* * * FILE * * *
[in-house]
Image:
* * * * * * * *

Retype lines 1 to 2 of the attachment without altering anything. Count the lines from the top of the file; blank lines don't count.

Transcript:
[in-house]
Image: